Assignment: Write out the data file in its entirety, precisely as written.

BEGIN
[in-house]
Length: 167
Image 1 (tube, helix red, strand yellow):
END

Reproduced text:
[in-house]
Length: 167
Image 1 (tube, helix red, strand yellow):